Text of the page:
Kuwait’s Amir Sheikh Sabah Al Ahmad Al Sabah passes away at 91
Kuwait’s Amir Sheikh Sabah Al Ahmad Al Sabah, the ruler of Kuwait who drew on his decades as the oil-rich nation’s top diplomat to push for closer ties to Iraq after the 1990 Gulf War and solutions to other regional crises, died Tuesday at the age of 91.
The Emir was admitted to hospital on July 18 for medical checks and then, a day later, underwent a successful surgery. On July 23, the Emir was flown to the United States to complete his medical treatment. The Emir’s office did not disclose the reason for the surgery or details of what treatment the Emir was going to receive in the US.
“With the utmost sadness and grief for the Kuwaiti people, the Islamic and Arab world and people of friendly nations, the Emiri Diwan mourns the death of Sheikh Sabah al-Ahmad al-Jaber al-Sabah, the emir of Kuwait,” his office said.
In a Middle East replete with elderly rulers, Sheikh Sabah stood out for his efforts at pushing for diplomacy to resolve a bitter dispute between Qatar and other Arab nations that continues to this day.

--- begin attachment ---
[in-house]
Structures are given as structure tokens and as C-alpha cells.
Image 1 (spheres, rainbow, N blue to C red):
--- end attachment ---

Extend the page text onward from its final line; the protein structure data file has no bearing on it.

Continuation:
Sheikh Sabah was named emir in 2006. Even before that, he had assumed the role of de-facto ruler when other leading family members were too ill or frail to do the job. He took the leadership mantle after Sheikh Saad Al-Abdullah Al-Sabah, who was emir for nine days, was voted out of office by parliament on the grounds that he was too ill to rule.
Yet as Kuwait’s ruling emir, he struggled with internal political disputes, the fallout of the 2011 Arab Spring protests and seesawing crude oil prices that chewed into a national budget providing cradle-to-grave subsidies.
State television announced his death after playing Quranic prayers. Sheikh Sabah is expected to be succeeded by his half brother, the crown prince Sheikh Nawaf Al Ahmad Al Sabah.
Kuwait – which has a population of 4.8 million, including 3.4 million foreign workers – has the world’s sixth-largest known oil reserves and is a major US ally. It has been ruled by the Sabah family for the past 260 years.
Kuwait’s parliament has the most powers of any elected body in the Gulf and opposition MPs openly criticise the Sabahs.
However, the ruling family retains full control over key government and executive posts and the emir has the last say in political matters. He also has the power to override or dissolve parliament, and call elections.